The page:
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The Tencel Revolution: The Beyonce of Fabrics

Chances are, even if you have never heard of the word Tencel, you have recently reaped the benefits of it. Whether it be in clothing, makeup wipes, our DreamFit sheets, or any of the thousands of products that now include Tencel, you are in the middle of a Tencel revolution. Understanding textiles is never at the top of the list when you are shopping for the newest and greatest products, but comfort almost always is. So, to understand why Tencel brings so much of that comfort and why it is has indeed been touted as the Beyonce of Fabrics, a few seconds of Textile 101 can’t hurt. Important in this are the words tencel, lyocell, and cellulose (I promise to make this as painless and as quick as possible).

  1. Tencel/Lyocell

According to Organic Clothing, TENCEL® is a brand name for a type of lyocell . According to the dictionary, lyocell is “a strong synthetic fiber made from reconstituted cellulose, and is used in many types of textiles typically blended with other fibers.” (FYI: For a fabric to claim that it is indeed TENCEL, "the blend composition must be a minimum of 30% TENCEL®" ).

  1. So what is Cellulose then?

Cellulose is the main ingredient of the cell walls of plants and the main ingredient of textiles made from cotton, linen, and other plant fibers. One of these most recent and environmentally friendly of these fibers comes in the form of Tencel - (Taken from an Abstract on Cellulose: Fascinating..Raw Material). QUICK, Let’s REVIEW: Tencel is basically the brand name of lyocell (like Kleenex and tissues). Lyocell is a fiber made from cellulose. Cellulose is the main ingredient of plant cell walls. GOT IT? (Me either, so let’s just move on to the fun stuff.) We do know this much: generally we think of the contents of fabric as either natural (cotton, wool, silk) or artificial (polyester or nylon just to name a few). Tencel is developed from wood pulp which is formed by a chemical process thus making Tencel a perfect blend of the two. And as Organic Clothing points out, Tencel “keeps the structure closer to that found in nature. “ Tencel is the combination of the ecological movement and the scientific advancements of lab research. And successful companies all over the globe are latching onto Tencel and taking advantage of its many impressive characteristics. In a Vogue article discussing Fashion Startup's Cotton Alternatives, Tencel appears to be the It-Girl of the fashion world right now. Essha Chabra lists the up and coming fashion houses that love the fiber and describes Tencel as “an environmentally conscious brand converting the pulp from sustainably harvested eucalyptus trees to produce... a fiber that’s highly breathable, much softer than cotton, and far less prone to wrinkling.” Even the ultra ULTRA trendy and uber UBER chic brand Reformation (who touts “We make killer clothes that don’t kill the environment” on their homepage) has become very vocal about its love for Tencel calling it the “Beyoncé of fabrics” for all of its planet-loving properties. Yael Aflalo, the CEO of Reformation, lists the reasons why Tencel is a “no trade-off fabric for us.”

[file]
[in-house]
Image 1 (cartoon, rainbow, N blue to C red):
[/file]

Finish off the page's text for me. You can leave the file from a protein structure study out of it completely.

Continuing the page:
• “Eucalyptus for Tencel can be grown on marginal lands rather than on land used for food crops, and with little irrigation, and it uses 80 percent less water than cotton.”
  • “Tencel has pretty much all the same characteristics of cotton, so it’s a very easy alternative to knit fabric.”
  • “Properties, such as the best moisture management and temperature resistance inspire many manufacturers.”
  • “Tencel is a natural fibre which is sustainable and strong in agricultural applications and yet still biodegradable with an enormous tenacity profile”

(http://www.innovationintextiles.com/lenzing). Adheer Bahulkar, an international retail-consulting expert, tells Business Insider his reasons for recommending the fiber as well:

  • "Lyocell is composed of nanofibrils — literally very, very small fibers — which are hydrophilic," a quality that makes the fabric better at absorbing moisture [which] gives Tencel unique moisture absorption ability, which in turn makes [it] breathable, softer, [and] less prone to wrinkles."
  • “Tencel is also more environmentally friendly than other fabrics. It's produced on a closed-loop system, in which "99% of the chemicals and solvents used in the process to break down the wood pulp are recovered and recycled with minimal waste and very low emissions"

And Edward Hertzman, the publisher of Sourcing Journal, which focuses on the retail apparel and textile industry, explains "Tencel does use less land and water than cotton production" (Businessinsider.com "How Tencel Compares to Cotton").